- Thu, May 12 2011
- Filed under: Fundraising essentials
Today, I’m answering more reader mail!
I love reading this blog (and your other work)! Thank you so much… Your post on modules gets at my main struggle. We are a community foundation operating in a low wealth area. We have steered away from the “donor service” model and towards simply building endowments. We want to build endowments to support every area of charitable work in our community.
So donors can do anything. How do I break it down for them to keep it simple and find their module?
Here’s my response.
First off, thanks for your kind words!
Inherent in your note is the question, how do you tell a story about everything to everyone? And the answer is, you don’t. You tell a story about what’s important to one audience. That’s what I mean by the modular approach to a broad mission. This can’t be about an endowment - that’s a means to an end. It has to be about what an endowment means to real people.
Here’s what you need to do.
1. Know your audiences. What do they care about? You want to show how your foundation relates to one person’s - or one group of people’s - deeply held emotional beliefs. It’s about their values, not yours. Different groups of people have different values. Local business leaders vs. the PTA vs. local churches all may be drawn to your work for different reasons. You need to make your foundation relevant to each of these audiences, on their terms.
2. Tell a good story about your work that relates to the audience’s values. For example, say you were trying to solicit support from the local chamber of commerce. What do they are about? Suppose they are big on community pride. They want to make your town a place where people love to live and work - and shop at local businesses. How does your work speak to those priorities? What one great story of one aspect of your work brings that home in a vivid way? Each story of a key value is an endowment area.
3. Think of your community as the hero of your story - not your endowment or your foundation. People have passion for the place where they make their home. How can you capture what bettering your town means to people at a visceral level and translate that into an appealing call to action? What positioning drives that home? This isn’t about building an institution - it’s about a building a better hometown.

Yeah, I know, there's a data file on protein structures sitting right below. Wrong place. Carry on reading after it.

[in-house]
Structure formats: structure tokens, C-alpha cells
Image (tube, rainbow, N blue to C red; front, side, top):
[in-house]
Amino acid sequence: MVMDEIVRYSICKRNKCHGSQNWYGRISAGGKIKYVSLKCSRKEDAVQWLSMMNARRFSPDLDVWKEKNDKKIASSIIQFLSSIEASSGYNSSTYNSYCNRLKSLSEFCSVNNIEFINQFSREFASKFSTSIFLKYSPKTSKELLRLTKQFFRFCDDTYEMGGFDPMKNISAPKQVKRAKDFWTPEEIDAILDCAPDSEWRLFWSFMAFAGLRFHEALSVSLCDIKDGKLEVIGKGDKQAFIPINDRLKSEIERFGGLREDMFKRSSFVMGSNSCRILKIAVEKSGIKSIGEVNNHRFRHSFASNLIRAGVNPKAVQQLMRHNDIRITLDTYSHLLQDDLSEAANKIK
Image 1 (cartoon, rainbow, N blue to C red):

I visited your website and the first image I saw was the outside of your foundation building with a sign. I also read the words, “Building a charitable foundation for our community.” Then there were some group photos of people, but I wasn’t sure who they were or why they mattered. This approach is unlikely to resonate with audience values or make people emotionally identify with the heart of your work. It’s too much about you and not enough about them.
This is what I’d do with your home page: Feature well known local folks, but just one person at a time, with one simple quote next to their name explaining why they believe in what you’re doing. Have each person/story relate to one key value for a target audience. For example, you might have a photo of Sue Superwoman, Teacher of the Year, saying “A girl in my class just moved out of a shelter into a real home, and the next day she read me her first ever sentence. What a difference a foundation makes.” (You get the double entendre.) Then you could have a photo of Bob Businessman saying, “I love this town, from ___ to ____ (you would insert local color here). You do too. That’s why we’ll do whatever it takes to strengthen the foundation we share.”
I’m making these up off the top of my head, but hopefully you get the idea. Change up the message - make it about your audience - and change up the messenger. Have people in your community telling stories about how your work resonates with their dreams. That will inspire in a way an abstract idea of an endowment category never could. Make it about a shared aspiration or a solid success and the money will come.
Good luck with your great work! And thanks for letting me publicly reply to your question.